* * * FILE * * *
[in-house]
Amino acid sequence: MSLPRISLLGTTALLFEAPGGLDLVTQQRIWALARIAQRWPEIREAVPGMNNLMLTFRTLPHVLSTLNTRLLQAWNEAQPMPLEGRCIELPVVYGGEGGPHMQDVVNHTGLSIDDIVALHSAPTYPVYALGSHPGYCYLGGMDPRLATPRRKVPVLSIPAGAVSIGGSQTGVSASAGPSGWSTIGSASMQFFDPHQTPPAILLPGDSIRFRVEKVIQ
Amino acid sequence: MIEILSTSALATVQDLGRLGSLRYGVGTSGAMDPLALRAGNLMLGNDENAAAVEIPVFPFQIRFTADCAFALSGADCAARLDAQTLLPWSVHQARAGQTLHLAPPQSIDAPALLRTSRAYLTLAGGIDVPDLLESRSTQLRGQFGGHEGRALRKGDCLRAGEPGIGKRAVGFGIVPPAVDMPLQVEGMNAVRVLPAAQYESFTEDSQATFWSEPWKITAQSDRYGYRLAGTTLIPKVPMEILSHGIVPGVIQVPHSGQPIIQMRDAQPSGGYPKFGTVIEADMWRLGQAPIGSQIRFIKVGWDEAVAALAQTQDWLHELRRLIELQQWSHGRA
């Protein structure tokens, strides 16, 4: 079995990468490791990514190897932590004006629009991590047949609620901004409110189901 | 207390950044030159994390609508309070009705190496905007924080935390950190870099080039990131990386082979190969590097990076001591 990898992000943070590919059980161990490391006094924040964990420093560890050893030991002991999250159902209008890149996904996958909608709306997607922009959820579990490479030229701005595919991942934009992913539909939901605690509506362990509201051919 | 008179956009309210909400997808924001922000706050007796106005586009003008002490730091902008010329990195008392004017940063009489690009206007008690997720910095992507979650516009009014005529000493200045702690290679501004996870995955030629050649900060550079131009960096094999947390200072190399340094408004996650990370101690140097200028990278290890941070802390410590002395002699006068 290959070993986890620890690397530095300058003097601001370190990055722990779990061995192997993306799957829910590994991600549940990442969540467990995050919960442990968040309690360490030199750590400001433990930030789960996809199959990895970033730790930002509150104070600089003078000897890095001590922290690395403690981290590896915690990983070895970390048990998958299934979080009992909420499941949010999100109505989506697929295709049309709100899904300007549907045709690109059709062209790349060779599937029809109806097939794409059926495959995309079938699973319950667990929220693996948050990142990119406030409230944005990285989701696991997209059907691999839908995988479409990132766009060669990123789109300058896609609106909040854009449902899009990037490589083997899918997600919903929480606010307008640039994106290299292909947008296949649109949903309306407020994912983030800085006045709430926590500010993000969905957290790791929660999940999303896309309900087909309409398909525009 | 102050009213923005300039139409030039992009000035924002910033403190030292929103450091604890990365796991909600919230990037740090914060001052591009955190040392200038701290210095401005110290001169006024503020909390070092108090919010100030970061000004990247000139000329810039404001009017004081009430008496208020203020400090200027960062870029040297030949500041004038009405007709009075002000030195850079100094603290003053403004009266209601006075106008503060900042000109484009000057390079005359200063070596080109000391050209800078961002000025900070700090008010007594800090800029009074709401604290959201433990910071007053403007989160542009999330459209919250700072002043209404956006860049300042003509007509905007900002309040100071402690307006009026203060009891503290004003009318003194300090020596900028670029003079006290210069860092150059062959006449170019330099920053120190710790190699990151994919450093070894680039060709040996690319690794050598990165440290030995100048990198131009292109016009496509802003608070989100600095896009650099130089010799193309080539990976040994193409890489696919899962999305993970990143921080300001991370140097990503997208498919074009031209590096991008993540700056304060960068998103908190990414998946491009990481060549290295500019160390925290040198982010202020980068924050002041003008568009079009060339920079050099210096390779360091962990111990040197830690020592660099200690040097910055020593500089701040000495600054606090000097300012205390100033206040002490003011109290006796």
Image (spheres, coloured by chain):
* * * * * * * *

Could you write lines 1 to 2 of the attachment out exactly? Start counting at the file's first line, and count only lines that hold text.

[in-house]
Amino acid sequence: MSLPRISLLGTTALLFEAPGGLDLVTQQRIWALARIAQRWPEIREAVPGMNNLMLTFRTLPHVLSTLNTRLLQAWNEAQPMPLEGRCIELPVVYGGEGGPHMQDVVNHTGLSIDDIVALHSAPTYPVYALGSHPGYCYLGGMDPRLATPRRKVPVLSIPAGAVSIGGSQTGVSASAGPSGWSTIGSASMQFFDPHQTPPAILLPGDSIRFRVEKVIQ